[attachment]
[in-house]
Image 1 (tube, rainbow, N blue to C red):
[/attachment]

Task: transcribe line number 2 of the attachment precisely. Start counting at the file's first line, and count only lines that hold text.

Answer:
Image 1 (tube, rainbow, N blue to C red):